12 February 2016 | Online since 2003

Severe winter storms could signal onset of climate change in UK



31 March 2014 09:08:30|News,Property News

Severe winter storms could signal onset of climate change in UK


The UK was battered with the heaviest rainfall and most frequent severe gales on record this winter according to researchers at the University of East Anglia (UEA).
Climate scientists say the severe conditions, which brought flooding misery to many home-owners, could signal the onset of climate change.
Long-term records reveal that four of the six most severe flood episodes since 1871 have occurred in the last 30 years. Meanwhile data on wind patterns shows that the UK was battered by 10 very severe gales – almost double the previous record.
Dr Colin Harpham from UEA’s Climatic Research Unit said: “We had more severe gales than any other winter since 1871. Usually we might expect to see one or two severe gales in a year, and the previous record was six in 1909, so 10 really is a phenomenal amount.
“Our records also show that four of the six most severe flooding episodes have happened in the last 30 years which is very unusual. High amounts of rainfall are closely linked to the number of deep low pressure centres.
“By looking back over 150 years we are able to place recent extreme weather in a historical context. This was clearly the stormiest period of weather experienced by the UK for at least 20 years. But our data also shows that these sorts of weather conditions are becoming more frequent.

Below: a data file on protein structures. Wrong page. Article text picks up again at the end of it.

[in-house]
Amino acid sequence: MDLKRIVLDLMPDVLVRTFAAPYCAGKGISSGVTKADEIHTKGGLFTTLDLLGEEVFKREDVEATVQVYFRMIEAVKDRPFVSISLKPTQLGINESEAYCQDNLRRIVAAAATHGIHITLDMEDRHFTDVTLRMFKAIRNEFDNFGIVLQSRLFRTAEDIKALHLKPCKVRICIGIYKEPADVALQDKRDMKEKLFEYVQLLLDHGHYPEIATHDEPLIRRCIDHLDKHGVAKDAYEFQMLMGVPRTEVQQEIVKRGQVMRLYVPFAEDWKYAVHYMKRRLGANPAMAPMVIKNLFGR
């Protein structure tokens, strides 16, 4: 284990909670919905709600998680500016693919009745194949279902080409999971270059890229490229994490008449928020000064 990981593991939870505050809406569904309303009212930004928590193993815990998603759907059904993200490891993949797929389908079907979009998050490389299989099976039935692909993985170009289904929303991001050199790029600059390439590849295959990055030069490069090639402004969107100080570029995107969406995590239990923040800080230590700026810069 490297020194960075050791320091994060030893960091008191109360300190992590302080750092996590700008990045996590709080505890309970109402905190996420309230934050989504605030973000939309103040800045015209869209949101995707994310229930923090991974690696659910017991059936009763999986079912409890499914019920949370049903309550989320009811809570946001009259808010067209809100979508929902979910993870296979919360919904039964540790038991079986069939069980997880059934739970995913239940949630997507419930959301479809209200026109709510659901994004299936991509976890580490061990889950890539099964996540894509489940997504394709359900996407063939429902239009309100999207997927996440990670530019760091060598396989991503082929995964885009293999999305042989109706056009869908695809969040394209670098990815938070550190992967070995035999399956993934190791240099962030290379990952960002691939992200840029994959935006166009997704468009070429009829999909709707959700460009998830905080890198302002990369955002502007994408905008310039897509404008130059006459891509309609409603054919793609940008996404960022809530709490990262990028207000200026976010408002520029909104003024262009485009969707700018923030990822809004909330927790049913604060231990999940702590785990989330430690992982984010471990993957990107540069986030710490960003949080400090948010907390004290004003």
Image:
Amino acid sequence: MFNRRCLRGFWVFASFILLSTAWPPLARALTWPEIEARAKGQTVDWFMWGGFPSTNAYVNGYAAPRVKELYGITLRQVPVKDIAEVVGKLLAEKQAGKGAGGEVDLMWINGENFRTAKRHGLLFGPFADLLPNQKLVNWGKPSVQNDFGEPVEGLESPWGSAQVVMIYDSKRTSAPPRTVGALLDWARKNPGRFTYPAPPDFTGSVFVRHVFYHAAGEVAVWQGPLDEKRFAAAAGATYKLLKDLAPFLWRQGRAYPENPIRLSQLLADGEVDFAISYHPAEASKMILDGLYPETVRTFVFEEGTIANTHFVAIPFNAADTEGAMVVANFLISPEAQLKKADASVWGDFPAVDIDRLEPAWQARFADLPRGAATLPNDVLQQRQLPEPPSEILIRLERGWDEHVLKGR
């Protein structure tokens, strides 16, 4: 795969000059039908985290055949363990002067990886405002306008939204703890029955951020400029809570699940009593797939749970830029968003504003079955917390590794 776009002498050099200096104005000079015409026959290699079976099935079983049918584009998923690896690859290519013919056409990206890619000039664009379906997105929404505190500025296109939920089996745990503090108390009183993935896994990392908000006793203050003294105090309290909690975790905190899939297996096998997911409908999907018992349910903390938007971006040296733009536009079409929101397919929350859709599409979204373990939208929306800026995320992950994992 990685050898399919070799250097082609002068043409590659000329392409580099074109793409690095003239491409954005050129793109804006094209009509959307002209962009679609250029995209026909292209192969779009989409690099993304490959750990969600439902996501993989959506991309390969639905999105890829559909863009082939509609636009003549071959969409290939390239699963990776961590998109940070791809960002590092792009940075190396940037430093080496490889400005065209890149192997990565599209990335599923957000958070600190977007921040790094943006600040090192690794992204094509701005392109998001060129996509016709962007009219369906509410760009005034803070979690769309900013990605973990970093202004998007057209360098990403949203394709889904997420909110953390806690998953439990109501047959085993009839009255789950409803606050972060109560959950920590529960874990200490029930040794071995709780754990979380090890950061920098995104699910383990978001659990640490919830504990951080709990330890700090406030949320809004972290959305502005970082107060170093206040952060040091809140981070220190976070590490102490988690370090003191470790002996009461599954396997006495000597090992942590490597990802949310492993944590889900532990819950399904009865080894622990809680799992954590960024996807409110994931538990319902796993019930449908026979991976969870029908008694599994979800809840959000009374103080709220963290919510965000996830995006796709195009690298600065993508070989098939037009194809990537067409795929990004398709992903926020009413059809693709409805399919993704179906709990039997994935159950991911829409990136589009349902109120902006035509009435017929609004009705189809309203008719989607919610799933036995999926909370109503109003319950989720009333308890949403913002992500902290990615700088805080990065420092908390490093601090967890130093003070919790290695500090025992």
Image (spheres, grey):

“When it comes to temperatures, it was very mild – 1.5oC above average and the fifth warmest on record,” he added.
In 2008, Prof Wilby and Prof Hayley Fowler at Newcastle University predicted that the first signs of climate change could be detectable in winter rainfall records for Southwest England as early as the 2020s. Recent events in Somerset are consistent with this view.
Flood indices match weather patterns and river flow data collected over the last 60 years to reconstruct the likelihood of widespread flooding in Britain back as far as the 1870s. The index is broken down by British region and updated weekly by researchers at UEA’s Climatic Research Unit from atmospheric pressure data.
They were developed by Prof Rob Wilby at Loughborough University with Dr Colin Harpham from UEA and Prof Nevil Quinn at the University of the West of England.
The indices reveal that the sequences of weather leading to the recent floods in southern England occur on average once every 25 years. The worst flooding suggested by the series happened in 1872 and was captured in Monet’s The Flood.

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